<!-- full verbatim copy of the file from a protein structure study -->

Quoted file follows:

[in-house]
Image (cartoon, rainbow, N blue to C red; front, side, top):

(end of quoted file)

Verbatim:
[in-house]
Image (cartoon, rainbow, N blue to C red; front, side, top):